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DFID's White Paper: Making governance work for the poor

24 July 2006 - On Thursday 13 July DFID launched its new White Paper on International Development, 'eliminating world poverty: making governance work for the poor'. It sets out what the UK Government will do to reduce world poverty over the next five years.

The White Paper sets out DFID’s priorities and explains how we will work with the rest of UK Government, partner governments, international organisations, non-governmental organisations (NGOs), academics and the private sector to fulfil the promises made in 2005 to significantly reduce world poverty.

The White Paper’s main messages are:

  • We will deliver the promises we made in 2005 by: increasing our development budget to 0.7% of gross national income by 2013; concentrating our resources on the poorest countries – particularly sub-Saharan Africa and South Asia – and working more in fragile states; making sure that wider UK policies support development; and doubling funding for science and technology.
  • We will put governance at the centre of our work – focusing on building states that are capable, responsive and accountable to their citizens. We will use a new framework for assessing the quality of governance to do this and use the assessment to tailor our support appropriately to country circumstances. We will also step up our efforts dramatically to tackle corruption internationally, for example through a new anti-corruption unit and follow up to Extractive Industries Transparency Initiative.
  • We will increase our effort to help people have security, incomes through growth and public services. We will commit 50% of all future bilateral aid to public services for poor people - social protection will be a major new area of work.
  • We will work internationally to tackle climate change, by helping developing countries to participate in international negotiations on climate change and to integrate adaptation to climate change impacts into their development programmes.
  • We will help create an international system fit for the 21st century, focusing on UN reform, a more effective and responsive World Bank, IMF and regional banks, and closer working relationships with EU Member States and the EC to ensure that EU aid is effective and that non-aid policies support development.

Additonally, here are some highlights that focus on education issues:

  • Our priority is to get the 100 million children of primary school age who are not currently attending school into a classroom with a teacher. Education is both a right and a route out of poverty. People who have been to school are more likely to find work, look after their health and demand that governments act in their interests. But on current trends, 67 countries will not achieve the MDG for universal primary education. Urgent action is needed to increase funding, and to deal with the problems that prevent children from going to school – including the devastating effects of AIDS.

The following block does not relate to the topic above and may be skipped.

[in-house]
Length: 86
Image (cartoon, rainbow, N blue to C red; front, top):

• School fees deter parents from enrolling their children, particularly girls. Seventy-eight out of 94 low income countries charge some type of fee for primary education. When faced with a choice of paying for a son or daughter to go to school, parents will often choose the son. Countries that have abolished school fees, however, have seen a huge increase in enrolment. The UK strongly supports free primary education, and is helping governments to pay for the additional teachers and classrooms needed to cope with the growing numbers of children in school.
  • Helping girls enrol and stay in school means tackling the discrimination they face. Community awareness programmes about the importance of educating girls help. More women teachers and better sanitation in schools also helps overcome some of the social barriers. This is why the UK supports the UN Girls Education Initiative, together with special projects to support girls education.
  • Many developing countries will need to increase their spending on education. This will require a substantial increase in aid, until the poorest countries have grown enough to support themselves. Providing a good quality education to all children of primary school age by 2015 will require an extra US$10 billion in aid each year. This will include the costs of removing school fees, dealing with the effects of AIDS, and providing school meals and grants to help poor families send their children to school.
  • The Education for All Fast Track Initiative (FTI), which the UK supports, estimates that by 2008 up to 60 countries will have credible plans to get all children into primary education by 2015.


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